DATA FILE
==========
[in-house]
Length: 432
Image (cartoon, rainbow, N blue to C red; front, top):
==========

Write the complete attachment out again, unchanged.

[in-house]
Length: 432
Image (cartoon, rainbow, N blue to C red; front, top):